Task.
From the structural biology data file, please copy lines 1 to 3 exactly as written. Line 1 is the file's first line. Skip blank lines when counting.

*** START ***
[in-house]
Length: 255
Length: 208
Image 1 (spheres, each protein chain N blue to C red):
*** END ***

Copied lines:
[in-house]
Length: 255
Length: 208